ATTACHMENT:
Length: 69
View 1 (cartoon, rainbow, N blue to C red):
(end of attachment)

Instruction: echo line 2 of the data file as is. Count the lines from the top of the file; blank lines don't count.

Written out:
View 1 (cartoon, rainbow, N blue to C red):